“The Walking Dead” – TV Series

Walking Dead panel

Image by gluetree via Flickr - From left to right Andrew Lincoln, Sarah Wayne Callies, and Jon Bernthal from Comic-con's The Walking Dead panel. The season 2 trailer debuted this year at Comic-con.

AMC debuted it’s highly anticipated zombie series last year on Halloween.  My family and I huddled together in the darkness of our living room, staring in rapt attention at the TV as zombie after zombie shuffled across the screen.  It was sheer brilliance.  The zombies were so real you could almost smell their foul putrescence, each one more gruesome than the last.

I had high hopes for the season, but it didn’t pan out.  In retrospect, I think it was my fault.  I had hoped that the show would follow the books.  They were such a wealth of ideas it would be crazy not to use the material.  Instead, the show saw survivor Rick Grimes dragging his wife, son, and other survivors to the Center for Disease Control.  There they found some interesting facts about the zombie virus, and we got to see an x-ray movie of a zombie.  Cool, but not as awesome as some of the scenes in the book.

On the other hand, my gripes aside, the casting was beyond perfect!  Hero Rick Grimes is played to perfection by Andrew Lincoln, who seems to not only portray Rick’s strength but simultaneously bring an air of unspoken uncertainty and insecurity.  After all – he’s not Superman.  He’s a man who is lucky to have his wife and son still alive, and he’s fully aware of it every moment that they survive.  His guilt-stricken and confused best friend Shane is played by Jon Bernthal, who leaves nothing to be desired in the role of friend-turned-foe.  Unfaithful wife Lori is given life by Sarah Wayne Callies.  The other characters are perfect to the point of being creepy.  They look almost identical to their characters, right down to their facial expressions.

Thankfully, AMC chose not to inundate the series with cheesy celebrity cameos.  I can’t speak for other viewers, but I know I’d rather have people starting their careers.  I don’t want to watch and say, “Oh wait, I know that person”.  To me, that ruins the apocalypse because you know that actor or actress as someone else.  The one exception is Norman Reedus, of “Boondock Saints” fame.  It had been so many years since he was in that iconic movie that he was not immediately recognizable to me.

As the debut of “The Walking Dead” Season 2 gets closer I find myself excited.  The trailer for the new season can be found at http://www.youtube.com/watch?v=1OZ0mu8Ey6A and you NEED to watch it right now.  It’s going to be amazing.  I’m back on board fully and counting down the days.  When the season debut is televised, I will be right there, glued to my chair and devouring every frame.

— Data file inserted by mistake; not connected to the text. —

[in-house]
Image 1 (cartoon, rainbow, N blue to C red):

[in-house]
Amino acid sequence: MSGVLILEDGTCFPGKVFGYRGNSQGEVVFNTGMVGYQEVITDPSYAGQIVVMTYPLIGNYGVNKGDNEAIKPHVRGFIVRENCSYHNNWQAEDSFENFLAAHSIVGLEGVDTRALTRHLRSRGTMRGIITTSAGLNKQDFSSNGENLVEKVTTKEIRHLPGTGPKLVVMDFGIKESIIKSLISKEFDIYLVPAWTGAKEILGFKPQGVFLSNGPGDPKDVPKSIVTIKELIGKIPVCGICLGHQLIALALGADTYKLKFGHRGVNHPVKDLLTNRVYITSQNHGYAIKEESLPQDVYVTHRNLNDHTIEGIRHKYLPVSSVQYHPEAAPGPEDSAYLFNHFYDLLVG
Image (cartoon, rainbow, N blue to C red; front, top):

“The Walking Dead” – Graphic Novel

The Walking Dead

Image by Walt Jabsco via Flickr - The sword-wielding woman would be Michonne. She's a wild one who makes some questionable decisions in the series, but remains an interesting character altogether.

Almost a year ago I read “The Walking Dead: Compendium 1” which was books 1-48).  I read it in anticipation of the beginning of the AMC show of the same name.  Incidentally, “The Walking Dead” was also the first graphic novel series I had read, so it was a new experience for me all the way around.  As with almost everything that becomes a TV show or movie, I wanted to experience it first in print.  I didn’t want to be

I immediately fell in love with the story of “The Walking Dead”.  The people were realistic, you could almost expect them to walk right off the page and into your life.  There were characters that fit specific stereotypes, but not so much that it caused them to be one dimensional.  The story never lagged – character conflict kept the story going when the zombies weren’t present.  There was never a superfluous moment.

The artwork in the book is fantastic.  The angle from frame to frame changes enough to give you an almost panoramic feel.  There are moments in the book when you can close your eyes and almost imagine a 360 degree view of where the characters are standing.  Moore and Aldard have created characters that look different enough that it’s easy to tell from frame to frame who is speaking.  In later non-“Walking Dead” graphic novels I’ve read, I have found it almost impossible to figure out who is who.  Moore and Aldard have also created terrifying frames.  They seem to know just which moment to depict, whether it’s a lone zombie sneaking up on someone or a horde descending on something.

I am currently waiting for Compendium 2 before moving onward.  Each book is so exciting and written so well it’s easily to fly through it in a few hours (after all, books 1-48 only took me a weekend).  I would have happily paid more money if they would have included the covers for the individual books in the Compendium.  They do distinguish between the individual books, but I don’t want to have to go back and buy the covers separately.  I’d rather have them where they belong, which is with the main book.

AMC’s “The Walking Dead” will be back in October – I heard on October 16th, but that may change.  Do yourself a favor and go out and get the Compendium.  It’s a great book in and of itself, but it also makes a great companion for the show (warning – the show doesn’t follow the book).